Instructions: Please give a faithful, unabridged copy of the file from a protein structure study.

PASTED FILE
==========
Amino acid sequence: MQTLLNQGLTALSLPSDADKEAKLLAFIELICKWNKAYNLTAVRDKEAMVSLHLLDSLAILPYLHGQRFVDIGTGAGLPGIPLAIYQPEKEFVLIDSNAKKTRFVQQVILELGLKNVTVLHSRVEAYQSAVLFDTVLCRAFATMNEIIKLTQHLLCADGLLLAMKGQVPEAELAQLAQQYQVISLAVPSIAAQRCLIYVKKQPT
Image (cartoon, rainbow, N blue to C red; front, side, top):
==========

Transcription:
Amino acid sequence: MQTLLNQGLTALSLPSDADKEAKLLAFIELICKWNKAYNLTAVRDKEAMVSLHLLDSLAILPYLHGQRFVDIGTGAGLPGIPLAIYQPEKEFVLIDSNAKKTRFVQQVILELGLKNVTVLHSRVEAYQSAVLFDTVLCRAFATMNEIIKLTQHLLCADGLLLAMKGQVPEAELAQLAQQYQVISLAVPSIAAQRCLIYVKKQPT
Image (cartoon, rainbow, N blue to C red; front, side, top):